Encouraging Mindfulness in Early Childhood | Apples to Applique

We have also been starting every day with meditation. One of my awesome paras spent a year teaching in Thailand, and told me how all students there meditate at the beginning of every day. I loved the idea, so now that's how we start our mornings. The kids are used to it now, and it gives us a positive start to our day. Just 4 minutes of sitting quietly, listening to calming music. We more than regain that 4 minutes the rest of the day, as the students are then ready to learn!

Encouraging Mindfulness in Early Childhood | Apples to Applique

We have been practicing different breathing techniques, such as the Balloon and Drain from Conscious Discipline. One of my favorite things has been Daniel Goleman's suggestion to use Breathing Buddies. Breathing Buddies are stuffed animals that help students focus on their breathing. They lie on their backs with the stuffed animals on their tummies, and watch as their breaths make the animals go up and down.

Encouraging Mindfulness in Early Childhood | Apples to Applique
The kids love using Breathing Buddies!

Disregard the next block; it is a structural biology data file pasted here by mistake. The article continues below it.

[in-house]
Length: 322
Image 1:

All in all, we are off to a much calmer, smoother start this year. I think starting our day with meditation helps establish that the classroom is a calm place to be. Giving kids practice identifying emotions and the space to process those emotions, as well as strategies on how to respond, gives them a sense of control over their lives, and with it, some peace and a renewed focus for learning!

Friday, October 6, 2017

Reminder Wristbands for Every Occasion

Does anyone else have trouble with parents missing out on important information because they forget to check the daily folder? I can't be the only one!

Reminder Wristbands for Every Occasion | Apples to Applique

I know how busy parents are; after all, I have kids of my own. I completely get it! So anything I can do to help parents out, I will. I've started using wristbands to give parents reminders. I had found some cute ones online to use, but they had curved edges to make them shaped like a watch--adorable, but I don't have time to cut out 40 of those for all of my students! So I decided to make my own, which you can find here. With several on a page, they don't use up a lot of paper, and they have straight edges so they can quickly be cut apart using a paper cutter. Less time spent on this kind of stuff = more time teaching.